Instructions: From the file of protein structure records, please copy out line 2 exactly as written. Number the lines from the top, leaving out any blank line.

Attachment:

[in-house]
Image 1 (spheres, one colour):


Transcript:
Image 1 (spheres, one colour):